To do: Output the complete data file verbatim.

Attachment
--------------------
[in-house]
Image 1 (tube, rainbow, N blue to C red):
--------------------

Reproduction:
[in-house]
Image 1 (tube, rainbow, N blue to C red):